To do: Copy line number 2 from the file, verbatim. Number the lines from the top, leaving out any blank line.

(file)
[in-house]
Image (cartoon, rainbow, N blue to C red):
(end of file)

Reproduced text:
Image (cartoon, rainbow, N blue to C red):